Thus, the proverbial Hungarian taxi driver may yet trigger a financial tsunami amongst European banks. Of course, the ECB and IMF have put in place support mechanisms, but Hungary stands out in terms of its vulnerability to any future growth shock or lack of foreign funding because its foreign debt to GDP ratio is already 136%.
Of course, Swiss Franc lending and new loans of any kind have collapsed in the past 18 months and the Hungarian government is doing a good job despite the surprise halt to IMF talks in July. There’s mounting evidence, says Merrill Lynch this week, that the government will achieve its budget deficit goal of 3.8% of GDP, an outcome which would deemed a miracle in the U.S.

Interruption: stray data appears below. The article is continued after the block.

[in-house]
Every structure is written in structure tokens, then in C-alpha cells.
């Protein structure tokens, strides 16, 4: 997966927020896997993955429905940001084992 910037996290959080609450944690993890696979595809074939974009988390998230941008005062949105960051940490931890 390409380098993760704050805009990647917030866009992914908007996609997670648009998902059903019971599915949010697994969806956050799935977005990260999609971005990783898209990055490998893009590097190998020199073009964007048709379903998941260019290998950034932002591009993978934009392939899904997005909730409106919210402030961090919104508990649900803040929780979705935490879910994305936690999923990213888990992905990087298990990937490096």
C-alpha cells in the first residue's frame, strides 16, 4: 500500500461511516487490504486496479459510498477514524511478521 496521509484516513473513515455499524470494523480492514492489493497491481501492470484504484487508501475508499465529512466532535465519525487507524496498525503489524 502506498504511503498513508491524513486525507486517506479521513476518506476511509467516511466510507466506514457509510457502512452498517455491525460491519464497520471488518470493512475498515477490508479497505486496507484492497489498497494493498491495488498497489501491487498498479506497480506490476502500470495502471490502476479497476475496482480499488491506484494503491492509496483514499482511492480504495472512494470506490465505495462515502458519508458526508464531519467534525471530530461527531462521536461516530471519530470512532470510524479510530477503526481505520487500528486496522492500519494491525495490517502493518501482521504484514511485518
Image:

Photo: Morgan Stanley
But prudent fiscal management from the Fidesz government in Budapest might not be enough. The strengthening Swiss franc is increasing risk on non-performing loans according to Cheuvreux, and mathematically the foreign debt burden, in HUF, is worsening.
Nomura believes the potential for a debt spiral is very real under any downside economic shock, where public debt/GDP could surge from the current 78% to 110% in certain scenarios. This will be something the markets will be watching carefully with another peak in gross government re-financing coming next year amounting to about 20% of Hungarian GDP.